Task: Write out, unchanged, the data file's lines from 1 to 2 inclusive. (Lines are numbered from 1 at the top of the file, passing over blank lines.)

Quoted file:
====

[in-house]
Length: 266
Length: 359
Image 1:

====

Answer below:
[in-house]
Length: 266